United States District Court, D. Maryland
Style Pantry LLC, et al.
Hongkong Jigao Information & Technology Co., Ltd., et al.
matter has been referred to me to resolve the discovery
dispute arising from Plaintiffs Style Pantry LLC and Folake
Kuy-Huntoon's (“Style Pantry's”) Motion
to Compel Amazon.com Inc. (“Amazon”) to comply
with Style Pantry's July 5, 2018, subpoena. [ECF 43]. I
have considered Style Pantry's Motion, and Amazon's
Opposition. [ECF 20, 26]. No. hearing is necessary.
See Loc. R. 105.6 (D. Md. 2016). For the following
reasons, Style Pantry's Motion will be denied.
Pantry filed this suit on June 29, 2018, alleging copyright
infringement, misappropriation, unjust enrichment, and
invasion of privacy. [ECF 1]. On July 5, 2018, Style Pantry
sent a subpoena to Amazon's registered agent, demanding
information associated with particular IP addresses. [ECF 20
Ex. A]. On July 20, 2018, Amazon replied to Style
Pantry's subpoena, objecting on numerous grounds. [ECF 20
Ex. B]. On August 4, 2018, Style Pantry filed its Motion to
Compel. [ECF 20]. Amazon filed its Opposition to the Motion
to Compel on August 17, 2018. [ECF 26]. Since that date,
United States District Judge George L. Russell, III, denied
Style Pantry's intervening Motion for Default Judgment,
[ECF 32], Amazon filed an answer, [ECF 33], and Style Pantry
filed an amended complaint, [ECF 42]. To date, there have not
been any discovery scheduling conferences or scheduling
orders in this case.
MOTION TO COMPEL
the host of issues Amazon raises with Style Pantry's
Motion to Compel is an argument that the underlying subpoena
constituted an improper attempt to obtain early discovery
without leave of court. D. Opp. 3. Federal Rule of Civil
Procedure 26(d) forbids parties from “seek[ing]
discovery from any source before the parties have conferred
as required by Rule 26(f), except . . . when authorized by
these rules, by stipulation, or by court order.”
Fed.R.Civ.P. 26(d)(1). Under Local Rule 104.4, the Rule 26(f)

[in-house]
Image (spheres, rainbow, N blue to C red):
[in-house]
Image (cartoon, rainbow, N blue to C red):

conference “need not take place and discovery shall not
commence . . . until a scheduling order is entered.”
Loc. R. 104.4 (D. Md. 2016).
there has been no scheduling order entered, and counsel have
not held a Rule 26(f) conference. Therefore, Style
Pantry's subpoena constituted a premature discovery
attempt. Its use of the subpoena to attempt to circumvent the
usual discovery schedule is “contrary to the
traditional interpretation of the Federal Rules of Civil
Procedure, which dictates that the rules must be construed in
a manner that is internally consistent.” Neel v.
Mid-Atlantic of Fairfield, LLC, Civil No. SAG-10-cv-405,
2012 WL 98558, at *1 (D. Md. Jan. 11, 2012) (citing
Mortgage Information Services, Inc. v. Kitchens, 210
F.R.D. 562, 566 (W.D. N.C. 2002)).
required component in a motion to compel is a
“certification that the movant has in good faith
conferred or attempted to confer with the person or party
failing to make disclosure or discovery in an effort to
obtain it without court action.” Fed.R.Civ.P. 37(a)(1).
Amazon's counsel alluded to this requirement in the first
paragraph of Amazon's objections to Style Pantry's
subpoena. [ECF 20 Ex. B] (“To the extent that a meet
and confer regarding any of these objections is necessary,
please contact undersigned counsel.”). Style
Pantry's Motion is deficient, because it does not include
the certification that Style Pantry conferred or attempted to
confer with Amazon before filing the Motion to Compel.
Accordingly, Style Pantry's Motion to Compel will be
Pantry's disregard for the scheduling of discovery
mandated by the rules and its failure to certify an attempt
to confer, are sufficient grounds for denying its Motion, and
I need not address the other deficiencies Amazon alleges.
AMAZON'S REQUEST FOR FEES AND EXPENSES
asks that this Court award it the reasonable expenses and
fees it incurred in defending against Style Pantry's
Motion. [ECF 26]. Federal Rule of Civil Procedure 37 provides
that, if a motion to compel is denied:
the court . . . must, after giving an opportunity to be
heard, require the movant, the attorney filing the motion, or
both to pay the party . . . who opposed the motion its
reasonable expenses incurred in opposing the motion,
including attorney's fees. But the court must not order
this payment if the motion was substantially justified or
other circumstances make an award of expenses unjust.
Fed. R. Civ. P. 37(a)(5)(B). A motion is
“‘substantially justified' if there is a
‘genuine dispute' as to proper resolution or if
‘a reasonable person could think it correct, that is,
if it has a reasonable basis in law and fact.'”
Proa v. NRT Mid Atl., Inc., 633 F.Supp.2d 209, 213
(D. Md. 2009) (quoting Decision Insights, Inc. v. Sentia
Grp., Inc., 311 Fed. App'x 586, 599 (4th Cir.
2009)), aff'd sub nom. Proa v. NRT Mid-Atl.,
Inc., 398 Fed.Appx. 882 (4th Cir. 2010); see also
Lynn v. Monarch Recovery Mgmt., Inc., 285 F.R.D. 350,
365 (D. Md. 2012) (“Courts have concluded that
‘substantial justification' could include making
meritorious objections to requested discovery, or even
engaging in a legitimate dispute over the sequence of
discovery.”) (citation and internal quotations
because Style Pantry's Motion to Compel will be denied,
the Court must award reasonable expenses, including
attorney's fees, unless Style Pantry can show its Motion
was substantially justified. See Fed. R. Civ. P.
37(a)(5)(B). As discussed above, Style Pantry ignored the
requirements of the Federal Rules of Civil Procedure and the
Local Rules of this Court. Thus, I find that an award of